Many modern churches are explicitly constructed not to look and feel too much like a religious place. “A modern church is designed to host activities, and these activities point the people to God. But strip away those activities, and you might as well be at a community college or a performing arts center or, heaven help us, an airport terminal,” Kinnaman observes.
Clarity, not more cathedrals
So do we need to start building cathedrals again just because so many unchurched people are fond of them? Not so fast.
When Barna Research asked Millennials to choose from word pairings to describe their vision of the ideal church, a two-thirds majority or greater picked “community” (78%) over “privacy” (22%); and “casual” (64%) over “dignified” (36%).
Words like “sanctuary,” “classic” and “quiet” could be associated with more traditional church buildings—yet less than half of survey respondents preferred the word “traditional” over “modern.”
“Though many of them aspire to a more traditional church experience, in a beautiful building steeped in history and religious symbolism, they are more at ease in a modern space that feels more familiar than mysterious,” says Kinnaman.
Instead of building cathedral-type structures, churches would do well to focus on designing for clarity.
“Someone once told me that when you walk into a space, you decide within three seconds if you like the space or not,” says Snodgrass. “It’s true. I’d walk in and say, ‘I hate this space,’ or ‘I love this space.’”
He recalls a visit to Door of Hope in Portland, Oregon, a church housed in an old church building without “slick Helvetica signs.”
“But it wasn’t a problem because there was just a flight of stairs to walk up into the worship area,” Snodgrass says. “No lobby. Upstairs there was a rag-tag bunch of chairs set up everywhere and a drum set that had never been used, and people walking around with coffee. There were no pews. Something about it was very Portland.”
Door of Hope didn’t offer any traditional visual cues of it being a church, and yet Snodgrass’s experience highlights the power of visual clarity—when people can tell immediately what a space is for and what they should do next, and the physical space rings true to the culture of the church itself. This is another example of how Millennials say they sniff out authenticity.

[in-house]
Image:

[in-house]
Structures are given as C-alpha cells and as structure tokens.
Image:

Good design can make it crystal clear who they are, what they believe and what they are there to do. “Budgets are and may always be the biggest hurdle to overcome in creating great space,” says DeGroot.
So how do you create great spaces on a shoestring budget that resonate with Millennials?
DeGroot advises churches to first concentrate on one or two areas and make those spaces feel special. “Instead of spreading funds equally throughout the facility, make your spaces utilitarian in general but go the extra mile in a few areas. Keep your structures simple, and instead invest more of your building budget on finishes, furniture and technology that display great thought and care. Limit expensive materials to a few choice facades or a special landscape feature.”
Landscape features, it turns out, may be a one of the best areas for a church to invest design dollars. According to the Barna/CKN research, nature is a key way Millennials connect with God.
3. Is our church setting a place of action or rest?
One of the ways churches can help point people to God regardless of their facility’s architecture is by bringing nature into the church setting. Millennials say nature helps them connect with God and it helps provide an antidote to a need they voiced in the Making Space for Millennials research—the need for respite.
“Our culture is highly fragmented and frenetic, and there are few places to take a breather and gain much-needed perspective,” Kinnaman says. “Ironically, most churches offer what they think people want: more to do, more to see. Yet that’s exactly the opposite of what many young adults crave when it comes to sacred space.”
Most church buildings today are places of action, not rest, and spaces to “do” rather than “be.” The activities, of course, are designed to connect people with God and each other— and some Millennials hope for that, too—but many just want an opportunity to explore spiritual life on their own terms, free to decide for themselves when to stay on the edges of a church experience and when to fully enter in.
“As church architects, we’re exploring what a church that’s designed for non-activity would look like,” says DeGroot.
With so much emphasis on being the hands and feet of Jesus and putting love into action—all of which is well-intended activity designed to help people grow as followers of Christ—church buildings still need to be a place where people can experience Jesus’ invitation: “Come unto me, all ye who are weary and heavy laden, and I will give you rest.”
“Most of our modern churches have excellent areas set aside for corporate worship, group learning and community building. But they leave something to be desired when it comes to personal reflection and prayer,” Kinnaman says.
Incorporating natural elements such as bamboo flooring instead of carpet, and even design features that imitated nature such as leaf motifs in light fixtures, help to hint at the created world and ultimately remind people of the Creator.
“Many churches think of their facility as everything inside the walls, but it is worth considering how we might make better use of our external spaces,” says Kinnaman. “Instead of using landscaping simply as a frame for the building, could we use it as a legitimate ministry space—a sacred place in its own right?”
4. Is our church being Jesus?
At Clear River Church where 80% of the congregation is 39 years old and under, activity takes a backseat. “We don’t do a lot of activity,” says Lead Pastor Tony Ranvestel. “We call people to follow Jesus; that’s our primary activity. If you follow Jesus, this leads to serving and justice.”